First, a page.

One key maneuver was to build permissive U.S. legal definitions into ethics prohibitions. Another was to fend off requests for concrete guidance by promising that the rules and the APA’s ethics report (the so-called PENS report) would soon be followed by a casebook, which in fact would never be written. Behnke was also instrumental in ensuring that the PENS Task Force would be stacked with DOD-friendly members; and he played a large role in APA’s media strategy, described by Hoffman this way:

[the APA would] emphasize that PENS said that psychologists could not engage in torture or cruel, inhuman or degrading treatment and claim PENS as a strong, pro-human-rights document. The principal purpose of PENS—to state that psychologists could in fact engage in interrogations consistent with the Ethics Code—was relegated to the sidelines…. And of course, the principal motivation for Behnke and other APA officials in drafting PENS the way they did—pleasing DoD—remained fully concealed (pp. 320-21).

But Behnke did not act alone, and the Hoffman Report features a bewilderingly large cast of characters. Notably, some APA presidents and past presidents were fully on board with the agenda. In 2002, former president Joseph Matarrazo approached one psychologist who would later serve on the PENS Task Force and said, “In this environment, things are different, and the CIA is going to need some help. Things may get harsh. We may need to take the gloves off” (p. 160); Matarrazo also advised a CIA psychologist that sleep deprivation by itself is not torture.

The 2005 president, Ronald Levant, features prominently in the Hoffman Report. And Gerald Koocher, 2006 APA president, played a larger and more disturbing role on several issues. One was the processing of ethics complaints against psychologists involved in enhanced interrogations.

In an email exchange …, Koocher pointedly suggested that APA would never be able to obtain any “hard data” about whether psychologists were committing abuses at Guantanamo Bay, and therefore as a matter of strategy, APA should simply continue to issue public statements saying it was “concerned” and would look into the matter as soon as such hard data became available (knowing that it never would). Behnke responded that he agreed…. Koocher responded, “Right! We should probably simply [r]epeat same until ‘evidence’ of anything becomes public in 2055” (p. 216).

Another important issue that confronted the APA is whether its ethics standards should incorporate international law, including Common Article 3 of the Geneva Conventions, the Convention Against Torture, and human rights standards. DoD members of the PENS committee vehemently opposed it (see pp. 174-77 of the Hoffman Report). Koocher’s reaction, in an email to a private listserv, was blistering. “I have zero interest in entangling APA with the nebulous, toothless, contradictory, and obfuscatory treaties that comprise ‘international law’” (p. 326). (In another email, Koocher confessed to being addicted to the TV show 24, “in which non-psychologist terrorist hunter Jack Bauer routinely inflicts painful injury on suspects as he attempts to stop a terrorist caused nuclear disaster.”)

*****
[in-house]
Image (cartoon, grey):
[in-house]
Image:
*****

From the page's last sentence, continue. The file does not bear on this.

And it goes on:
Koocher’s low point was his effort to silence the most vocally dissenting PENS committee member, Jean Maria Arrigo. After she appeared on Democracy Now! he publicly dismissed her objections as symptoms of her own “troubled upbringing” and the trauma of her father’s purported suicide (pp. 25, 267, 342-43). The Hoffman Report comments:

Koocher was incorrect in his letter when he stated that Arrigo’s father had committed suicide. Arrigo’s father was alive during the time of PENS. Koocher has insisted that Arrigo lied during the meeting about this fact, and Arrigo has insisted she never stated her father was deceased or that he committed suicide.

Our interviews on this issue strongly support Arrigo’s position (p. 343).

Among his other credentials, Koocher is the founder and editor of the journal Ethics and Behavior.

This was not the only APA attack on critics. Stephen Soldz and Steven Reisner are psychologists who for the past decade have spearheaded the national effort to remove psychologists from abusive national security interrogations. In comments they delivered in early July to the APA’s Board about the Hoffman Report, they highlighted “the vicious personal attacks upon PENS Task Force member and national hero Jean Maria Arrigo,” but added:

Other critics have been banned from state psychological association listservs; been attacked by an APA president in the official Monitor on Psychology as “opportunistic commentators masquerading as scholars;” been threatened with possible libel suits and ethics complaints; been disinvited from speaking to and writing for state psychological associations; been surreptitiously recorded by APA staff when having a private conversation with reporters; had venues where they were speaking criticized and even implicitly threatened with loss of accreditation; and called “clowns” in a national psychological newspaper by an individual given numerous awards by APA and its divisions and who is often in APA governance. … These actions were all undertaken against those who sought to uncover the collusion that was denied by Association leadership, including this Board and the current CEO only a few months ago.

What Went Wrong?